If Orans's position on Mead being hoaxed is correct, and Freeman's position is wrong, then the conclusion we should draw is not that Mead is right, but that she was a liar and not a victim of self deception. The hoax is Freeman's excuse for Mead's behavior, not the substance of his attack on Mead, thus for Orans to attack Freeman on this issue of Mead being hoaxed as if it was the substance of his accusation, as if refuting it exculpated Mead and anthropology, is irrelevant and deceptive, an attempt to manipulate the reader. If Orans is right on this issue, and Freeman is wrong, we should think worse of Mead, and of Anthropology and anthropologists in general, not better."

***

"Anthropologists have been in damage control since Derek Freeman published Margaret Mead and Samoa (1983). Although Mead had long since ceased to be a research leader, Freeman linked her high standing with anthropology's research paradigm and threw both to the sharks. Anthropologists thus found themselves in the compromised position of defending a study of only historical interest, in order to save face. In the latest episode of the contest, Freeman inflicted a grave wound. Mead got Samoa so wrong, he claims, because she was hoaxed. `A whole view of the human species was constructed out of the innocent lies of two young women', says Freeman. `That one of the ruling ideologies of our age should have originated in this way is both comic-and frightening!' Plainly Freeman has fitted the dunce cap on anthropology.

Martin Orans's study gives anthropologists something to cheer about. It removes the dunce cap by presenting what to my mind is a conclusive rebuttal to the duping allegation. But it achieves something more important. Orans shows by example how to get beyond the storm of controversy and personal antagonisms and the mystique of prestige to examine the issues on the evidence. The book is a model of composure heedless of fear or favor. There is no impulse to vanquish, no concern to save or diminish face, no demonization or valorization of paradigms, no flag-waving. Refreshing!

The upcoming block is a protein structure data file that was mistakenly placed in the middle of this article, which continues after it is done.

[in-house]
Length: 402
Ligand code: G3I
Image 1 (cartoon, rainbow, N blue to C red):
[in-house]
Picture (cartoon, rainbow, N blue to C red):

The issue is the reliability of Mead's Samoan ethnography. Orans places this examination on a factual basis by comparing the text of Coming of Age with Mead's field records. The leading questions are: what evidence did she have for various contested claims? who were her informants and what are their reliability? how did she evaluate the information she collected? what was her methodology for weaving the extraordinarily intimate portrait of Samoan psychology? does the evidence support her global claim that coming of age in Samoa was unperturbed by adolescent storm and stress, and does this evidence support the conclusion that adolescent psychology and behavior are not materially affected by the biology of sexual maturation?

The contested ethnographic terrain concerns Mead's descriptions of sexual moeurs and of aggression. According to Freeman, she greatly inflated the degree of permissible sexual congress and greatly diminished the degree of competition and aggression. Orans examination of the field record shows that Mead collected substantial evidence of norms and practices restraining adolescent sexuality. Freeman's countervailing evidence adds little to what she knew. Orans writes, Mead `knew perfectly well' that free love did not prevail in Samoa. There is very little support in the field materials for numerous particular claims about sexual license and no support for generalizations that depicted Samoa as a free love paradise. Mead purported to have obtained the information primarily through interviews with adolescent girls. But the records of these interviews are sparse and do not support her claim. Her principal informant on sexual practices was indeed not a girl but a male of her own age, who did not remotely suggest Mead's sensational reports of stress-free homosexuality and lesbianism among adolescents.

How on earth, then, did Mead arrive at her celebrated conclusions? Orans points out that Mead did in fact report many of the restrictions on adolescent sexuality. The result was a deeply inconsistent text, which she reconciled by repeatedly suggesting that strict norms were winked at in practice. For example, the conspicuous Christian worship of the Samoans she squared with free love by claiming that they did not internalize the teaching on sinfulness of the flesh. In addition, Mead made `extravagant claims' on the basis of `exceedingly limited data . . .'. This she did because she was `not [on] a voyage of discovery' but was `out to make the strongest possible case for her position'.